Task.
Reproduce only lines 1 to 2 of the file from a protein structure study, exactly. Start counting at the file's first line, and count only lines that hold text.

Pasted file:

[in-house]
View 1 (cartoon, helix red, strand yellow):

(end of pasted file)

[in-house]
View 1 (cartoon, helix red, strand yellow):